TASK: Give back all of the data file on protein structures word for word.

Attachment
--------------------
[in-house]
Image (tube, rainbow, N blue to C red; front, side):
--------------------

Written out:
[in-house]
Image (tube, rainbow, N blue to C red; front, side):